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Home Publications Blogs Beat the Press News Flash!!!! A Falling Currency Is How Trade Deficits Adjust!

News Flash!!!! A Falling Currency Is How Trade Deficits Adjust!

Saturday, 06 November 2010 15:46

Okay, let's wash away the ungodly stupidity. Doesn't anyone take intro econ anymore? Here's the test question and no one gets to write on currency or trade policy until they get it right.

If a country has a large trade deficit in a system of floating exchange rates how does it move to balance? Yes, that's right, its currency falls in value. That's the whole story, everything else is secondary.

So, the United States has a large and growing trade deficit. Do you want the trade deficit to fall? If so, then you want the dollar to decline in value. The value of the dollar determines the cost of U.S. exports to other countries and the cost of imports for people in the United States. The former is high now and the latter is cheap. That is why we have a trade deficit.

We shouldn't have to read any more pieces like this one in the NYT. Make these folks learn a little basic economics.


Comments (8)Add Comment
written by izzatzo, November 06, 2010 7:54
From the NYT article, this quote:
“We will never use our currency as a tool to gain competitive advantage,” Mr. Geithner said after the meeting, adding that the United States was committed to a strong dollar.

Damn. All that spending on imports that resulted in negative national savings and not a penny of comparative advantage to show for it. At least we know that Bernanke's QE move won't raise prices at WalMart and reduce the good jobs.
Bernanke's song:
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How far do we need to go?
written by Bob Spencer, November 07, 2010 7:11
A big goal is to create jobs. So, to do that, how far does the dollar have to fall in comparison to other emerging economies when we factor in the cost of labor?

Can the dollar fall far enough to make a difference when production costs are so low other places?

Bob Spencer
written by fuller schmidt, November 07, 2010 7:15
I would guess that the Tea And Republican Party (TARP) will soon think that a weak dollar is Communism.
strong dollar = gold standard proxy
written by Benedict@Large, November 07, 2010 8:54
From: http://www.nytimes.com/2010/11...04fed.html
More of the same:
"There are other risks, as well. The actions are likely to further drive down the dollar. That could worsen trade and exchange-rate tensions that have threatened to unravel cooperation among the world’s biggest economies."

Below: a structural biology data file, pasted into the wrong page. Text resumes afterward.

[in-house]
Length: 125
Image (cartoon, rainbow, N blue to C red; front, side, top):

Say what? Cooperation will unravel if we actually ask for a few jobs to come out of that cooperation? What is that cooperation on? Certainly not trade.

I think it's pretty obvious at this point: editorial policy at the NYT is clearly to default to right wing talking points when talking about the economy. Jobs thus are unimportant; a strong dollar must be maintained to insure gold standard integity over the value of US currency-denominated wealth.

What? You thought otherwise? You one of them Marxists?
written by proofreader, November 07, 2010 10:47
"...it's currency falls in value"

No, *its* currency falls in value.

Dean, you're such a bright guy. I wish you would hire an intern-- who is not dyslexic and understands punctuation-- to proofread your entries before you post.

Your whole blog is predicated on exposing bad logic and stupidity elsewhere, so you need to appear literate yourself.
The better mousetrap option?
written by Landru, November 07, 2010 9:28
I may be slow, but I don't necessarily see an absolute link between decreasing the trade deficit and weakening the dollar. Isn't it simpler to imagine that the trade deficit will decrease if we, ie Americans, start to make/create/manufacture more and more good stuff that people in other countries will want to buy? Then, they will buy more American exports and the trade deficit will decrease. Does the dollar necessarily go down as a result of our making better products for export? I don't see why; if we make enough good stuff for export, then people across the world will want dollars to use to buy that stuff and so the dollar may even rise.

So this connection between rising exports and a falling dollar seems true only in the very short term, where the quality/desirability of the exports is not changing. But isn't making better stuff a better option in the longer term?
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About Beat the Press

Dean Baker is co-director of the Center for Economic and Policy Research in Washington, D.C. He is the author of several books, his latest being The End of Loser Liberalism: Making Markets Progressive. Read more about Dean.